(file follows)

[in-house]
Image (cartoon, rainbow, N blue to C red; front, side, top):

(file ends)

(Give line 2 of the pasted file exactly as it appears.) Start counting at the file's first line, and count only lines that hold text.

Image (cartoon, rainbow, N blue to C red; front, side, top):